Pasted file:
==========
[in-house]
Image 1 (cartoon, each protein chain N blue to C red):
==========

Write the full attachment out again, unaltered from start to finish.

[in-house]
Image 1 (cartoon, each protein chain N blue to C red):